Do not tune in "Afterburn" tonight expecting to see "Top Gun." The U.S. Air Force did not cooperate in the making of the new HBO Pictures film, and the few flying scenes and other airplane shots play obviously as models and mock-ups.
But do tune in for a persuasive performance by actress Laura Dern. She portrays a real-life Air Force widow, who, after the 1982 death of her pilot husband in Korea while flying an F-16 fighter jet, took the Air Force and manufacturer General Dynamics to court to prove a faulty plane caused the crash, not pilot error.
The movie debuts at 8 p.m. on the premium cable service (with repeats June 2, 5, 9, 14 and 18).
Ms. Dern, an Academy Award nominee for 1991's "Rambling Rose," pilots the movie pretty much solo. Robert Loggia's performance as her lawyer, and Vincent Spano's as her husband, are strictly back-seat by comparison.
Sharp viewers may remember the case upon which "Afterburn" is based from a 1987 edition of the CBS series "60 Minutes." In fact, production notes indicate the movie came about because Diane Sawyer (now with ABC) referred the real-life subject, Janet Harduvel, to "Afterburn" producer Steve Tisch after she told her story on the show.
Some elements of the case, in fact, are still in litigation, as viewers will learn in an epilogue to the movie.
The details of the legal case are a problem with the film, for discussions of the side effects of antibiotics, the specifications for inertial navigation systems, or even the non-cooperation of Air Force authorities do not make great drama.
Yet Ms. Dern's range brings her character to life. Viewers see how personal anguish transforms into actions that may have led to life-saving improvements in an airplane that was heavily used in the Persian Gulf campaign last year (as Mrs. Harduvel contends in publicity material).
In the early going, her character is a flighty, sexy young waitress falling for the fighter jock. Yet in one scene years later -- they have married and had a daughter -- Ms. Dern visibly conveys an awful aging process as she is awakened at night to the sound of a car door slamming. She knows the officers outside her door have bad news.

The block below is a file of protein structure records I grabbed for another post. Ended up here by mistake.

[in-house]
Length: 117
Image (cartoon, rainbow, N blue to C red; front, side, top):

Out of the grieving process, including friends who do not understand her passion for clearing her husband's reputation and insensitive questions from accident investigators -- such as whether her husband might have been depressed -- the widow finds meaning in doggedly pursuing information.
Like many based-on-fact films, the movie uncomfortably mixes elements of investigative journalism with the needs of dramatic exposition. Viewers are undoubtably being asked to believe in a government and contractor cover-up, but does it make the case? That's questionable.
But in human terms, and through Ms. Dern's performance, "Afterburn" offers a persuasive story.
IT'S TELETHON TIME -- The annual "Children's Miracle Telethon" goes on the air at 9 tonight, and will run on WMAR-TV (Channel 2) until 6 p.m. tomorrow, with local pledges going to help the Johns Hopkins Children's Center.
The ninth annual telecast raising money for children's hospitals comes nationally from both Disney World in Florida and Disneyland in California, with hosts John Schneider ("The Dukes of Hazzard") and Marie Osmond (the Osmond Foundation is a key supporter of the telethon).
Channel 2 anchors Sally Thorner and Stan Stovall present local portions of the program.
Last year's "Children's Miracle Telethon" raised an estimated $1.5 million for the Hopkins center.